Over on the History News Network, William J. Astore, associate professor of History at the Pennsylvania College of Technology and previously of the U.S. Air Force, posted a recollection of his first-hand experience with the clash of civilizations. Here's the introduction:
While I was the Associate Provost at the Defense Language Institute in Monterey, California, we received an urgent request early in 2004 from a U.S. official working with Iraqi schools. The official wanted help translating the song, "Don’t Laugh At Me," from English to Arabic. The song, which appears on the Peter, Paul, and Mary CD Songs of Conscience & Concern, is used in U.S. elementary schools to promote tolerance. Its first lines are "I’m a little boy with glasses/The one they call a geek/A little girl who never smiles/’Cause I have braces on my teeth." The refrain urges: "Don’t laugh at me/Don’t call me names/Don’t get your pleasure from my pain/In God’s eyes we’re all the same." Rather safe and innocuous lyrics, one might think.
Well, some might think that. [Hear the song for yourself] But the translation didn't go smoothly at all, which would not surprise those of us who do not share the wide-spread assumption that inside every foreigner is an American trying to get out. Astore concludes:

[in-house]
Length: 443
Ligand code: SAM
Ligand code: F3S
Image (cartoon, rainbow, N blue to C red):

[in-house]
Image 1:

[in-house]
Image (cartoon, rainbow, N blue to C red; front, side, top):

I learned much from this experience. If we can’t translate song lyrics to promote diversity and tolerance, how can we "translate" democracy? It seems as if the Bush administration assumed no translation was necessary: the Iraqis would embrace democracy because it was "the end of history," in the Francis Fukuyama sense, the unchallengeable culmination of our political evolution as humans.
All too true. By the way, Fukuyama [see his web page at Johns Hopkins University] was once a member of the Policy Planning Staff of the U.S. Department of State, and his philosophical influence still lingers in the Department.
On a personal note, I was appalled to learn that innocent schoolchildren are still being force-fed Peter, Paul and Mary songs. Mrs. Bailey, my Junior High School social studies teacher, played their songs over and over again in class - which tells you how ancient P, P, and M are, since I'm a grandfather now! I dreaded seeing her haul out that portable record player and spinning up "If I Had a Hammer," "Blowin' in the Wind," "Puff, the Magic Dragon," and the rest of the Hippy folk song canon, presumably trying to inculcate in us kids a mid-1960s style of consciousness and concern. Her attempt backfired in my case. Whenever I hear one of those songs now, which is usually when I'm channel-surfing past a Public Broadcasting Service station, I wince, and remember thinking "if only I had a hammer, Mrs. Bailey, it would be the last damn time anybody played that record."